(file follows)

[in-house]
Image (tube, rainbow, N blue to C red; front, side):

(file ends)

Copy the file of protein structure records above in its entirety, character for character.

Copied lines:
[in-house]
Image (tube, rainbow, N blue to C red; front, side):